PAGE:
Group B streptococcus, or group B strep for short, is a certain kind of bacteria (germ) that lives in the vaginal or rectal areas of about 25% of healthy pregnant women. A woman who has group B strep is said to be "colonized" with this germ. If you are colonized with group B strep, your baby can become infected with these germs while being born and can get sick. There is less than a 1% chance that this will happen, but because group B strep infection is so dangerous for babies, it's important to find out if you're colonized while you're pregnant.
Your doctor can do a skin culture to see if you have group B strep on your skin. This is done by taking a bit of your skin and sending it to a lab to see if the strep bacteria grow. Your doctor can also do a test on your vagina and rectum to see if it is inside your body. The test is like a Pap smear.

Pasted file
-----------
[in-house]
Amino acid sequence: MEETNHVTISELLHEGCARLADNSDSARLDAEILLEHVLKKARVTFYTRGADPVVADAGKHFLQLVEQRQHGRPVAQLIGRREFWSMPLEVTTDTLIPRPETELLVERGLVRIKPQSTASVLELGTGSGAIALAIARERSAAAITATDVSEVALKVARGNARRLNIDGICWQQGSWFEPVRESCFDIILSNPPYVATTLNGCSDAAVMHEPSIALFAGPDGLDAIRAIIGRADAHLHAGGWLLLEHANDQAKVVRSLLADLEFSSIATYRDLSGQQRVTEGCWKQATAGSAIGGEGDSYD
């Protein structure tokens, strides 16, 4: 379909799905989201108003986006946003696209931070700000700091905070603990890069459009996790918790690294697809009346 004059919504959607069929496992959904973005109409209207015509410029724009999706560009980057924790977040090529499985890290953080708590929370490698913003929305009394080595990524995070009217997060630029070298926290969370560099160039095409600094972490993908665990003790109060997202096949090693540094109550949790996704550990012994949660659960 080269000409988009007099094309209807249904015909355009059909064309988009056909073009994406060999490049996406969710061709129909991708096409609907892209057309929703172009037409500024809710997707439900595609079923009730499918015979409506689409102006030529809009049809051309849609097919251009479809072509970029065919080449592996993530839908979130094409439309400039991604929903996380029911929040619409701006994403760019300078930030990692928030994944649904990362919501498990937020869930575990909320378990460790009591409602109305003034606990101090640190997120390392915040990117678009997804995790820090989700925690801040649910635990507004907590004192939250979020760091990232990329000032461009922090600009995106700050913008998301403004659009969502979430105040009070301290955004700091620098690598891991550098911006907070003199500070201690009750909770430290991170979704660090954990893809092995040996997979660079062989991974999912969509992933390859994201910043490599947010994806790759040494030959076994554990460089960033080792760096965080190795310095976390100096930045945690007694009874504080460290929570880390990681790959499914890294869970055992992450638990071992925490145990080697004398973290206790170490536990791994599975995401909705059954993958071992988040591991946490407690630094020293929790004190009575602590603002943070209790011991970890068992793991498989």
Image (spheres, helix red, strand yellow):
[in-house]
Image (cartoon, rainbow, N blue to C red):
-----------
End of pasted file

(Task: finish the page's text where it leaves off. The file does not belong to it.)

Your doctor may have you take antibiotic pills during pregnancy until you give birth. Then, when you're in labor, you can also take antibiotics intravenously (through an IV) to kill the germs. If you take antibiotics while you're in labor, the chances very high that your baby won't get this infection.
Carrying the bacteria in your body when you're pregnant doesn't usually make you sick. In some cases, though, group B strep germs can multiply inside your body and can cause serious infection. When you are pregnant and have group B strep, your baby could get the germs from you during delivery and get sick. Infected babies need treatment. Your baby will be kept in the hospital some extra days for close watching (observation) if your doctor thinks the baby is infected with strep. Blood tests will be done to see if your baby has group B strep. If your baby has this germ, the doctor will give the baby antibiotics.
Written by familydoctor.org editorial staff